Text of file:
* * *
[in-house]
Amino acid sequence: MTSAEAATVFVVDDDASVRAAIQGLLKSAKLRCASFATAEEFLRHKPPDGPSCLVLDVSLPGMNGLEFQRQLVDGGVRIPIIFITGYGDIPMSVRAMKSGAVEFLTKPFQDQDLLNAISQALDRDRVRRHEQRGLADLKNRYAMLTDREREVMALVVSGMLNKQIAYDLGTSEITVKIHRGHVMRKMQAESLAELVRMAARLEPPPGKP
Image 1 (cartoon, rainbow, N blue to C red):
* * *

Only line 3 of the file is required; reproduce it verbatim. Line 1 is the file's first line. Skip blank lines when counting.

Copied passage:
Image 1 (cartoon, rainbow, N blue to C red):